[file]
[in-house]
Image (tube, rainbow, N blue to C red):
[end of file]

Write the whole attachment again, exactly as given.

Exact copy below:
[in-house]
Image (tube, rainbow, N blue to C red):